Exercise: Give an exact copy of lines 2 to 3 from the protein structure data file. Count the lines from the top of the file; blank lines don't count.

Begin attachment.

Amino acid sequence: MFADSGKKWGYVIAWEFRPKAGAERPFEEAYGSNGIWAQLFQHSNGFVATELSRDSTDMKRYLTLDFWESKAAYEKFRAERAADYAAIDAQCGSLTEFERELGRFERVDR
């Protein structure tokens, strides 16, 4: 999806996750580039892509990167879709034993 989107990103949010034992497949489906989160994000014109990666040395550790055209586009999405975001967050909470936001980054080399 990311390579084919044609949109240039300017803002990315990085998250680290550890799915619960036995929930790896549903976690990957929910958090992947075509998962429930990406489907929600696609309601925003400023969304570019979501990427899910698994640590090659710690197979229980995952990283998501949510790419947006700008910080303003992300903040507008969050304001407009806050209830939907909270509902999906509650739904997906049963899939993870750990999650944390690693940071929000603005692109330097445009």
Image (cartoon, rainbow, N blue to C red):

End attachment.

């Protein structure tokens, strides 16, 4: 999806996750580039892509990167879709034993 989107990103949010034992497949489906989160994000014109990666040395550790055209586009999405975001967050909470936001980054080399 990311390579084919044609949109240039300017803002990315990085998250680290550890799915619960036995929930790896549903976690990957929910958090992947075509998962429930990406489907929600696609309601925003400023969304570019979501990427899910698994640590090659710690197979229980995952990283998501949510790419947006700008910080303003992300903040507008969050304001407009806050209830939907909270509902999906509650739904997906049963899939993870750990999650944390690693940071929000603005692109330097445009």
Image (cartoon, rainbow, N blue to C red):